Thursday, September 20, 2012

Launch Of An Empty Wallet

Apple launched iOS6 yesterday, with it's much touted Passbook app, allowing you to aggregate your tickets, boarding basses, loyalty cards, payment cards and more. Except a funny thing happened as part of the launch: there's nothing in the app. When you fire it up, you get a nice looking description of what could be there, and an invitation to hit up the App Store to go get some apps that talk to Passbook. What apps did they launch with? Fandango, Live Nation, Lufthansa, MLB.com At Bat, Sephora to Go, Ticketmaster, and Walgreens.

What this means is that, on the all-important day for Passbook to be unveiled to the world, the only people who could appreciate it happened to be flying to Germany, heading to a baseball game, concert or movie, or getting a gift card from the place that says you care so much, Walgreens. Wow. In all of the demos of Passbook, we saw United Airlines (the US' largest air carrier), Starbucks, and more. The fact that Apple didn't partner up with just one or two of the nation's large retailers with a huge loyalty program so that Passbook users could at least see their loyalty cards is stunning.

This doesn't even address the other main issue with Passbook: it's not an app unto itself. Rather, it requires you to download other apps that happen to talk to Passbook. That means for each item in your Passbook, your iDevice has the baggage of a separate app...that you won't use. Why not make Passbook the app itself? Allow users to enter their info from the programs or sites, and have Passbook neatly assemble them? Just a head scratcher.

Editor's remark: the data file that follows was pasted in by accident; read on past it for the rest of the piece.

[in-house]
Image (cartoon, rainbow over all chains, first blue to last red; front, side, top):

Look, I know the apps are coming, but the fact that Passbook launched without a single example that any iOS6 user could see it in action immediately, and is flawed in it's own implementation is bizarrely non-Apple. Apple, the same company that foisted the Newsstand on users, but at least was smart enough to launch with the New York Times to show why you'd want it, or Game Center with several games already talking to it. If you build it, and people come, only to find it empty...then why have built it at all?

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